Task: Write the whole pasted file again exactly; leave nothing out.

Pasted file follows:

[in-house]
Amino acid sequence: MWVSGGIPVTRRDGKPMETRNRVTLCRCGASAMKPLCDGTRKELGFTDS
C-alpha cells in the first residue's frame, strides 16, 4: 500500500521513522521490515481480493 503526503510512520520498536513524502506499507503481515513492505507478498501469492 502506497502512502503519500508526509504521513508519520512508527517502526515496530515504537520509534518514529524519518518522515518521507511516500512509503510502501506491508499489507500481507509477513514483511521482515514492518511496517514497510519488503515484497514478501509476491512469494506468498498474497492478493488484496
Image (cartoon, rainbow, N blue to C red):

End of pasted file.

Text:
[in-house]
Amino acid sequence: MWVSGGIPVTRRDGKPMETRNRVTLCRCGASAMKPLCDGTRKELGFTDS
C-alpha cells in the first residue's frame, strides 16, 4: 500500500521513522521490515481480493 503526503510512520520498536513524502506499507503481515513492505507478498501469492 502506497502512502503519500508526509504521513508519520512508527517502526515496530515504537520509534518514529524519518518522515518521507511516500512509503510502501506491508499489507500481507509477513514483511521482515514492518511496517514497510519488503515484497514478501509476491512469494506468498498474497492478493488484496
Image (cartoon, rainbow, N blue to C red):